sixtyandme logo
We are community supported and may earn a commission when you buy through links on our site. Learn more

13 Easy Ways to Wake Up Your Brain

By Amy Newmark April 13, 2024 Health and Fitness

The kids and the grandkids are in school, learning new things every day. But what should the rest of us do to keep our brains active and alert? We’ve all heard that we can reduce our chances of suffering from dementia in our golden years by eating right, maintaining our cardiovascular fitness through aerobic activities and weight training, and by exercising our brains.

How do we exercise our brains? Well, it’s not just by doing crossword puzzles. Yes, crossword puzzles are good, but according to Dr. Marie Pasinski, a Harvard Medical School neurologist who wrote our book about boosting your brain power, they are more of a routine occupation than a brain exercise.

Exercising your brain means doing things that are new and different such as learning to play a musical instrument or visiting a foreign country, and everyday things like volunteering and having an active social life.

Easy Ways to Stretch Your Brain Muscle

Dr. Pasinski included an essay by Jennie Ivey called “Get Out of That Rut!” in her brainpower book. It provides some practical, easy ideas for waking up our brains as we go about our daily activities. I’ve tried a couple of the suggestions already – shopping at different grocery stores where the layout is unfamiliar and using my left hand to do things like brushing my teeth.

Here are a few more of Jennie’s ways to stimulate your brain:

  • Tie your shoelaces a different way.
  • Watch a television show that’s broadcast in a foreign language.
  • Drive to town using a different route.
  • Reverse the order in which you read the newspaper.
  • Get dressed in the dark.
  • Thread your belt through the loops in the opposite direction.
  • Put your earrings on in reverse order.
  • Kick a soccer ball with your non-dominant foot.
  • Walk backwards for one hundred steps.

In Addition

Just to be au courant, I would add playing Wordle to that list! I started playing this word game a month ago when my son told me about it. It’s free from The New York Times – for now – and it’s fun. It seems like everyone I know is doing it.

And now that we all know how to “stream” TV, I would add that you should watch a channel or a TV series that you would ordinarily not consider. That’s an easy way to stretch your brain muscle.

Make Your Brain Uncomfortable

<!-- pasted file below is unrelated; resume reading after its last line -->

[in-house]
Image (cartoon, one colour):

Charles Dickens, who was a prolific writer his whole life, said, “Minds, like bodies, will often fall into a pimpled, ill-conditioned state from mere excess of comfort.” And that’s the message I take away from Dr. Pasinski’s book.

We have to make our brains uncomfortable, so that they stretch and adapt and create new neural pathways. It is so tempting to fall into a rut and follow the same patterns of behavior day after day. I know I enjoy my routines, but at age 65 I don’t want to get too comfortable. So if you see a little toothpaste on my shirt, you’ll know I’ve been trying to brush left-handed again.

Let’s Have a Conversation:

What do you do to keep your brain active and challenged? Are you playing Wordle every day along with everyone you know? Will you change up one of your regular habits to stimulate your brain?

Notify of

This site uses Akismet to reduce spam. Learn how your comment data is processed.

Inline Feedbacks
View all comments
Michele Schartel

I teach line dance to the oldies Motown through the 80s genre to the baby boomers. Memorizing patterns and combinations is great for the brain. Been teaching dance in all forms for 50+ years. I love music and movement/dance, good for the mind & body!


Really good advice! Last year I got an Apple Watch. I use an analog display instead of digital. I noticed that I have to think for aReally good advice! Last year I got a Apple Watch. I use an analog display instead of digital. I noticed that I have to think for a sec to read the time. Also, turning off my GPS whenever possible.


I’ve downloaded several ‘brain games’ on my phone. I pick different ones each day instead of playing those that I love and are familiar and comfortable, i choose at least one each day that I don’t excel at or don’t prefer. i download new ones all the time just to have new adventures for my brain.

The Author

Amy Newmark is the author, editor-in-chief, and publisher of the Chicken Soup for the Soul series, a second career she began at 50 after decades on Wall Street and in technology industry. Most importantly, she’s a wife, mother of four, and grandmother of three… so far. Connect with Amy at

You Might Also Like